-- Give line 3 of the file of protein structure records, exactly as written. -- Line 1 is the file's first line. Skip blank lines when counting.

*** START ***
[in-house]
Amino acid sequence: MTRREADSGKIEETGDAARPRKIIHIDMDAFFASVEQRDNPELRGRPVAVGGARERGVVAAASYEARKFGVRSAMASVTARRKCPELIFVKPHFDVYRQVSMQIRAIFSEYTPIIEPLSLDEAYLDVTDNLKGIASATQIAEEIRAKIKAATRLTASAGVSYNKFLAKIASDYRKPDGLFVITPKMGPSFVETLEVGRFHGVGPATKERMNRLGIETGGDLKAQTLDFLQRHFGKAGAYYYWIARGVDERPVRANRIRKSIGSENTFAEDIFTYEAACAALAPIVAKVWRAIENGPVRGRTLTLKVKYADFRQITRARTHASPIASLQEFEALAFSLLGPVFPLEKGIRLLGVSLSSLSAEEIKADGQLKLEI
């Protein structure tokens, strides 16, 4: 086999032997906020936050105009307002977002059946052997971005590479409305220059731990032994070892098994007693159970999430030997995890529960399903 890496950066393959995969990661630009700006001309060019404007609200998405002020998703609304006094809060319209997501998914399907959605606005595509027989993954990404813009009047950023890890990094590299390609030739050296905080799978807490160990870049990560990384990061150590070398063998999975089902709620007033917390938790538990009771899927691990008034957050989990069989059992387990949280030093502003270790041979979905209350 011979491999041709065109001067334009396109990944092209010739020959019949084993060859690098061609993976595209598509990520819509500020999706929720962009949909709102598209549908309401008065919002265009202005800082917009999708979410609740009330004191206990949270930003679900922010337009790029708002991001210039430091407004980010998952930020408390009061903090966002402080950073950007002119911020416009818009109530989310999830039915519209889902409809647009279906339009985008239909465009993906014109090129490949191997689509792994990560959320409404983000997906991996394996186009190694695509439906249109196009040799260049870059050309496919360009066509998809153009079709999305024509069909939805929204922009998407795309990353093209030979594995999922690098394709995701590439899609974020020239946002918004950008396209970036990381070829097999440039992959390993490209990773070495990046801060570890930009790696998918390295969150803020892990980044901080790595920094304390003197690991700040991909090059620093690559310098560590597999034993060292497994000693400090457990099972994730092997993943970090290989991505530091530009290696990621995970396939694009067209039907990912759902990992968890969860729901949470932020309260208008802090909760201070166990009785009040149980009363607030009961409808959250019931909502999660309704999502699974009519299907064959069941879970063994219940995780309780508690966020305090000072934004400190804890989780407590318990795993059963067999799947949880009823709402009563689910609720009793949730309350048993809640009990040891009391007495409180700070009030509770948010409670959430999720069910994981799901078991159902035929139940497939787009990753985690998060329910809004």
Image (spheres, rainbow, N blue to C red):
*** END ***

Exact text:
């Protein structure tokens, strides 16, 4: 086999032997906020936050105009307002977002059946052997971005590479409305220059731990032994070892098994007693159970999430030997995890529960399903 890496950066393959995969990661630009700006001309060019404007609200998405002020998703609304006094809060319209997501998914399907959605606005595509027989993954990404813009009047950023890890990094590299390609030739050296905080799978807490160990870049990560990384990061150590070398063998999975089902709620007033917390938790538990009771899927691990008034957050989990069989059992387990949280030093502003270790041979979905209350 011979491999041709065109001067334009396109990944092209010739020959019949084993060859690098061609993976595209598509990520819509500020999706929720962009949909709102598209549908309401008065919002265009202005800082917009999708979410609740009330004191206990949270930003679900922010337009790029708002991001210039430091407004980010998952930020408390009061903090966002402080950073950007002119911020416009818009109530989310999830039915519209889902409809647009279906339009985008239909465009993906014109090129490949191997689509792994990560959320409404983000997906991996394996186009190694695509439906249109196009040799260049870059050309496919360009066509998809153009079709999305024509069909939805929204922009998407795309990353093209030979594995999922690098394709995701590439899609974020020239946002918004950008396209970036990381070829097999440039992959390993490209990773070495990046801060570890930009790696998918390295969150803020892990980044901080790595920094304390003197690991700040991909090059620093690559310098560590597999034993060292497994000693400090457990099972994730092997993943970090290989991505530091530009290696990621995970396939694009067209039907990912759902990992968890969860729901949470932020309260208008802090909760201070166990009785009040149980009363607030009961409808959250019931909502999660309704999502699974009519299907064959069941879970063994219940995780309780508690966020305090000072934004400190804890989780407590318990795993059963067999799947949880009823709402009563689910609720009793949730309350048993809640009990040891009391007495409180700070009030509770948010409670959430999720069910994981799901078991159902035929139940497939787009990753985690998060329910809004």